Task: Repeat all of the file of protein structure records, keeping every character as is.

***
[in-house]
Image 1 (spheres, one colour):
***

[in-house]
Image 1 (spheres, one colour):